I first leaned this on an 8 day canoeing trip in Canada. it is a sauna that is very easy to make with materials you should have at a campsite (thus, trail sauna)

Step 1: materials

you will need:

-a big boiling pot
-rocks (about fist sized, to fill 1/2-3/4 of a big pot)
-a light tarp, nylon is best you cannot use a blue poly one
-a bucket of water
-a hot fire
-gloves (fire gloves would work well)
-something to pick up extremely hot rocks with (ex: a shovel-NOT YOUR HANDS) duh...
I'm glad people are getting interested in saunas and sweat lodges but I would strongly suggest against this. There are so many factors that go into the Traditional Native American sweat lodge. There are so many things that can go wrong i'll list a few.<br>1.Water has a high capacity for heat, it would be very easy for you to burn something. Steam is hot and can burn you.<br>2.Plastic does not breath like blankets or other fibrous materials, You risk suffocation or overheating by not going with natural materials. The smaller the structure the worse the chance. People have died of suffocation.<br>3.Rocks found in lakes and river beds can explode too.<br>4.Carelessness can cause splashing, fire, or burns.....and get me if i'm wrong but being surrounded in a plastic shell that catches on fire = not fun.<br>There are more, please use your brain with projects like this. If you really want to do this bring blankets or canvas and not tarps. On that note....never pay for a *Nature experiencing trip* that puts you in a plastic shell.
how hot will there be in the sauna and will this keep you warm in winter in <br /> <br /> -20
&nbsp;im not sure of temperature at all. it makes you sweat though..haha, try going in a sauna and finding out? thats about what it is...and i suppose it would keep you warm in winter, though when you finish, it would have made you sweat. which would cool you down, putting you at rist for hypothermia, ect. i wouldnt reccomend it for winer.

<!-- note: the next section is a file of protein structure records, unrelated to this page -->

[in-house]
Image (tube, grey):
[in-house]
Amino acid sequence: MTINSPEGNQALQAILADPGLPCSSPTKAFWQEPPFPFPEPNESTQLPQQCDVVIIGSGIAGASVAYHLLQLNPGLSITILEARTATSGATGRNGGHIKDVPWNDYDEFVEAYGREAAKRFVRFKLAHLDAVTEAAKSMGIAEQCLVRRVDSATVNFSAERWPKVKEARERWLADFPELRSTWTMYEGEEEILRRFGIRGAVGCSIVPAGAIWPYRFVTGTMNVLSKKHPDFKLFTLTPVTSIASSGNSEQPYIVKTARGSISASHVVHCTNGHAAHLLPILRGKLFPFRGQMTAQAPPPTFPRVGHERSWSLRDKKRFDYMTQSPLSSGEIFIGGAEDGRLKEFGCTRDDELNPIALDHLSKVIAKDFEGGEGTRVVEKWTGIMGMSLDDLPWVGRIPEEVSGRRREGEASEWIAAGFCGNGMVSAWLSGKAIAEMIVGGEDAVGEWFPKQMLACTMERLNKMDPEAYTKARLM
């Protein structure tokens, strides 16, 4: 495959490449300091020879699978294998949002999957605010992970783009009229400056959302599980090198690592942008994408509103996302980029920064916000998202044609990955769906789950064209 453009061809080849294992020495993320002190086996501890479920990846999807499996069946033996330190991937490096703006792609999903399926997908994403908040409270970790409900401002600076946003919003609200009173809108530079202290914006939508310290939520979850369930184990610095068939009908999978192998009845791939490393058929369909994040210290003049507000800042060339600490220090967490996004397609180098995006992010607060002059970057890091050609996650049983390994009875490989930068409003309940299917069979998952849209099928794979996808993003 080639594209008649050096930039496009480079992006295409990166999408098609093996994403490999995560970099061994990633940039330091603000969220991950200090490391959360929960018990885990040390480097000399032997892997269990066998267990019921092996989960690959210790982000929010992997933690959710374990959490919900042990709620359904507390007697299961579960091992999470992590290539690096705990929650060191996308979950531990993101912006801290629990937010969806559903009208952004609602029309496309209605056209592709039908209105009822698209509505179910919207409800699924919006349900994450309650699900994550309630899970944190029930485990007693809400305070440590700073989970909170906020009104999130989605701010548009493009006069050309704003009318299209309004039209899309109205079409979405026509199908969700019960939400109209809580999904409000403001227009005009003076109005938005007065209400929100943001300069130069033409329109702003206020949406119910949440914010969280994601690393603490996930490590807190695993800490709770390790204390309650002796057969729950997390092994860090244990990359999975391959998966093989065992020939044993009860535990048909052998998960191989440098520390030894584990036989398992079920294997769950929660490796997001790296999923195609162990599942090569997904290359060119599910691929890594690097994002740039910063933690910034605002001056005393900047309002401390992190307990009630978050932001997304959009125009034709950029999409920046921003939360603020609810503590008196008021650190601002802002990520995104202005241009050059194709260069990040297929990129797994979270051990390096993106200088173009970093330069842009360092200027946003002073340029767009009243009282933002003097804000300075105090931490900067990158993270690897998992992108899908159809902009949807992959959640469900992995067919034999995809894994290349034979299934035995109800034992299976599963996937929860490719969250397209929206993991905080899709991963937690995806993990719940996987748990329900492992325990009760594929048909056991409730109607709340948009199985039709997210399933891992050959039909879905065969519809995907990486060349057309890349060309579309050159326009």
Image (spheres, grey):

if the temperature doesn't rise over 100&nbsp;degrees celsius&nbsp;i wouldn't call it a sauna&nbsp;
&nbsp;I'm not sure how hot it is...but it&nbsp;definitely&nbsp;makes you sweat. i suppose it all varies on the&nbsp;temperature&nbsp;of your rocks, water, and things of that nature..
to tell you the truth, im not really sure. though we just used rocks we found around the places we were staying (usually islands and shores around Canadian lakes) to the best of my knowledge, most things will work. you could always google native american sweat lodge i guess, they're pretty much the same thing :)<br />
&nbsp;I like the idea and the instructions&nbsp;seem easy to follow. With the rock warnings, what kind of rocks would you recommend?
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This seems to be a sweat rather then a sauna. Also, the more layers of tarps, the better.
thanks for the input!
Congrats on your first instructable...... I was hoping for some pictures *shuts eyes and dreams of dipping a paddle in clear blue waters of the north woods*
I have some which I can upload for you...
my friends took lots, i think im getting a dvd of them i will post
Nice instructable first of all. And second People should avoid using river stones. Some of them can actually soak up river water and crack of explode when heated.
ahhh good I'll add that thanks! -jake
I was a Charlie Guide in the summers of '87, '88 and '92. I miss those times so much. That's where my username comes from. Someone should do a Baybread instructable!
oh my god yes! i think you can order mixes for it from the northern tier website, but I'll have to check...
actually, I got back from the trip yesterday. truthfully, I was away from home 10 days, but only 8 of them were canoeing
pretty cool. i notice in the final page you mention an incident in your scout troop. did you make it to eagle?
right now I am almost star, and i hope to make it to eagle
also known as a <a rel="nofollow" href="http://en.wikipedia.org/wiki/Sweat_lodge">Sweat Lodge</a>by native americans...it's a VERY ancient native american tradition used for medicinal or religious purposes....<br/><br/>much better when done au natural..<br/>

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Bio: Jake 17 Anarchist Vegetarian Wiccan Puuunkkk
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